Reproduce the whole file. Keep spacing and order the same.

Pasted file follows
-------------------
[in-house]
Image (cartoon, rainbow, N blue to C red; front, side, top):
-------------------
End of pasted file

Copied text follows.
[in-house]
Image (cartoon, rainbow, N blue to C red; front, side, top):